LEEANN DEMPSTER has revealed that Hibernian are set to shell out more than £100,000 on a state-of-the art CCTV system in a bid to combat the blight of anti-social behaviour at football.
The Easter Road chief executive has taken a no-nonsense stance following a string of high-profile incidents involving her club this season, notably describing the supporter who entered the field of play to confront Rangers captain James Tavernier last month as an ‘idiot’.
That occurred less than a week after one thug had lobbed a Buckfast bottle at Celtic’s Scott Sinclair.
Police Scotland interviewed 37 witnesses but have been unable to identify the perpetrator of that act, which was not caught on film due to cameras being momentarily trained on a different area of the ground.
While the previous surveillance system was considered one of the best in the country out-with Celtic and Rangers, Dempster has signed off on an upgrade that will supersede anything else in use in the SPFL.
The new set-up will see 11 high definition cameras installed this summer that will cover every area of the stadium and ensure no blind spots, with one member of Hibs’ hierarchy revealing ‘it can read a tattoo’.
“While we already have an excellent system, every CCTV system has its limitations,” she explained. “It’s important that, where we think technology can be improved and help us, we utilise that.
“Prior to the events of the last couple of months, the club were already looking at additional cameras to help with supporter safety. Subsequent to the events of the last couple of months, we’ve decided to install a whole range of cameras.
“It will add in, effectively, another 11 high-definition cameras into the stadium. That will give people extra assurance when they come into the stadium, knowing that we’ve added another layer for their safety.
“And I hope we don’t need to use them for this but, if there was another negative event in the stadium, we’re not in the situation where the traditional CCTV systems don’t catch it. It would be difficult for us – in terms of our reputation as a club – if that happened.”
Hibs have been far from the only club forced to face up to the idiocy of a small minority of fans this term. Previous manager Neil Lennon was struck by a coin at Tynecastle, prompting Hibs to begin installing Go Pro cameras on their dugouts – home and away – to monitor punters.
Tavernier had a lighter aimed at him against Motherwell at the weekend, while there have been numerous incidences of pyrotechnics being set off, incursions onto the pitch and offensive chanting.
All of which has brought about the prospect of the Scottish Government intervening and strict liability being introduced.
However, Hibs are evidently of a similar mind as Motherwell chief executive Alan Burrows, who insisted yesterday that football can combat its own problems.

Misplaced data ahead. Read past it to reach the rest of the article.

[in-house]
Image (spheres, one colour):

Hibs’ impending new CCTV system – which, it is understood, will not impact on their playing budget – is just the tip of the iceberg in terms of deterrents.
Dempster hopes to work with Police Scotland to utilise sniffer dogs, which could help to curb supporters entering the stadium with drugs, thought to be a major factor in recent high-profile issues at SPFL matches, and certain types of pyrotechnics.
She plans to introduce an anonymous text lines – already in place at Aberdeen and Hearts – so fans can report unacceptable behaviour and has even deployed undercover steward to monitor problem areas.
“I try to, wherever possible, highlight the things being done by clubs,” she continued. “There are so many professional people in the background responsible for detailed operations and plans. It is important that we DO talk about that.
“I think sometimes it can look like we are not as organised as we could be – and we need to get that more positive message over.
“However, where we can improve and be better, we must try to be better. If we can create deterrents, whether they are stewards or cameras or whatever it may be, we need to use them.”
Meanwhile, Hibs are ready to clamp down on the use of flares, smoke bombs and other pyrotechnics.
No Pyro . . .
Club chiefs have become increasingly alarmed by the prevalence of ‘pyro’ and are determined that supporters begin to realise the danger of setting them off inside a football stadium, including causing burns, smoke inhalation and recent incidents of disabled fans being negatively impacted.
And the Edinburgh outfit are ready to take a stance on the issue, including issuing banning orders and referring cases to the cops.
Dempster added: “We want to make sure people come to the games, enjoy the experience and make sure football is not tarnished by this and get away from unacceptable behaviour.”